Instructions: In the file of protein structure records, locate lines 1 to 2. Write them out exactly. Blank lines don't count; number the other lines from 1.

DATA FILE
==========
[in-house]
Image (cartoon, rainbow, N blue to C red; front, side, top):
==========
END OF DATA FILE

[in-house]
Image (cartoon, rainbow, N blue to C red; front, side, top):